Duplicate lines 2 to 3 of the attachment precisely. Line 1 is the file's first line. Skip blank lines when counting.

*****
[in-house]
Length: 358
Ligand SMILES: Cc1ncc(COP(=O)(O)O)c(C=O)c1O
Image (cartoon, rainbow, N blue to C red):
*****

Length: 358
Ligand SMILES: Cc1ncc(COP(=O)(O)O)c(C=O)c1O